The tour encompassed two districts, Normandie Heights and Yale Avenue. The following is a brief history of those districts.
Normandie Heights is bordered by 1300 East on the west, 1500 East on the east and includes Harvard, Princeton, and Laird, as well as, Normandie Circle, Laird Circle and Uintah Circle. The homes in this area were built between 1926 and 1935 and include, Period Revival Cottages, English Tudor and French Norman style homes.
Period Revival styles became popular during this period because of a renewed interest in a picturesque form of building that was likely due to American exposure to European architecture during World War I and increased awareness and pride in our European and Colonial roots following the war. Owners wanted the lure of Old World charm and the luxury of New World comfort. Developers touted this stately area as one of distinction, "above the din of traffic and surroundings of permanent, protected attractiveness," according to advertisements in The Salt Lake Tribune and brochures distributed by the developers.
Increased postwar prosperity allowed for the expensive treatments of exterior facades and the costly materials of the interiors that were called for in Period Revival architecture. Massive stone chimneys, decorative brick and stucco walls, half-timbering, leaded-glass and multi-pane windows increased both the picturesque nature and cost of these homes compared with those built in previously popular styles.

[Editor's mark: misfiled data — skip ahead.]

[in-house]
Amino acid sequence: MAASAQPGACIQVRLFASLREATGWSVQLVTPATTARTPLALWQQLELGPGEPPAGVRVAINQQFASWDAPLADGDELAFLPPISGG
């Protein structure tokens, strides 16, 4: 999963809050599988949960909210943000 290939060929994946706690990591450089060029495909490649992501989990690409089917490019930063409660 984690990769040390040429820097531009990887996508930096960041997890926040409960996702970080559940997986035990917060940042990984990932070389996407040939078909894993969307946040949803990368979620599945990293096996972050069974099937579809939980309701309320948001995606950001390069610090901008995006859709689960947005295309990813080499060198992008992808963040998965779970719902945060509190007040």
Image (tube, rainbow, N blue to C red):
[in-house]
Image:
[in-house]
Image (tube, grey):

Normandie Heights has been home to many of Salt Lake City's elite, including Ezra Taft Benson, former U.S. Secretary of Agriculture and LDS Church president, A. Eugene Christensen, partner in Ryberg Construction Company, and other residents of stature including physicians, dentists, and educators.
The Yale Avenue District between 1300 East and 1500 East was developed between 1913 and approximately 1925. The area has many Prairie and Prairie Bungalow style houses. The Prairie style commonly includes features such as a broad, flat roof, horizontal rows of windows, contrasting wood trim, casement windows and geometric-shaped ornamentation. Edward M. Ashton and Edward M. Jenkins, two developers who played an important role in the growth of Salt Lake City's east side primarily developed this area.
The Yale area follows the ravine that contains Red Butte Creek which provides a naturally wooded area and isolation for its residents. The first homes built in the area can generally be categorized as the two-story Prairie style houses and bungalows. Later homes are generally Period Revival design. This area was marketed by developers as "offering canyon life in the city. "
As with Normandie Heights, Yale Avenue also attracted Salt Lake City's elite. An early resident of Yale Avenue was Utah Governor Charles R. Mabey. It is said his hobby of rock collecting surfaced in his garden and courtyard walls (1390 Yale Avenue).